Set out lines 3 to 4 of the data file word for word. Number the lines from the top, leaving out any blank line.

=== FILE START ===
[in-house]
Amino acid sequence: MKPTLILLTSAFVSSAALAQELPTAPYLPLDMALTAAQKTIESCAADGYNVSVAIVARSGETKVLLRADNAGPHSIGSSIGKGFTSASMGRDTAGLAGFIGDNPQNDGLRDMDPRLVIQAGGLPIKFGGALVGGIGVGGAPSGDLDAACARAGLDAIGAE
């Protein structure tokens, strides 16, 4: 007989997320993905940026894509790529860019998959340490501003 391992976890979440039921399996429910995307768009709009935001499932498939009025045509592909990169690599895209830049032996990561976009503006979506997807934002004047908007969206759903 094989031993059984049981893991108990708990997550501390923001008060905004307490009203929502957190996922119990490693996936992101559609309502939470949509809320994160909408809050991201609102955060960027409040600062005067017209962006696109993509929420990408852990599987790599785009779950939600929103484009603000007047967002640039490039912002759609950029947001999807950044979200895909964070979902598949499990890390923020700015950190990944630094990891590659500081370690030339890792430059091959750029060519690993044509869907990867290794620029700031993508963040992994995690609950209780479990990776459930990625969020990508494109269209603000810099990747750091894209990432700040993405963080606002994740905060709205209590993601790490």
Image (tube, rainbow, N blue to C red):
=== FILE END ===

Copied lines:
């Protein structure tokens, strides 16, 4: 007989997320993905940026894509790529860019998959340490501003 391992976890979440039921399996429910995307768009709009935001499932498939009025045509592909990169690599895209830049032996990561976009503006979506997807934002004047908007969206759903 094989031993059984049981893991108990708990997550501390923001008060905004307490009203929502957190996922119990490693996936992101559609309502939470949509809320994160909408809050991201609102955060960027409040600062005067017209962006696109993509929420990408852990599987790599785009779950939600929103484009603000007047967002640039490039912002759609950029947001999807950044979200895909964070979902598949499990890390923020700015950190990944630094990891590659500081370690030339890792430059091959750029060519690993044509869907990867290794620029700031993508963040992994995690609950209780479990990776459930990625969020990508494109269209603000810099990747750091894209990432700040993405963080606002994740905060709205209590993601790490």
Image (tube, rainbow, N blue to C red):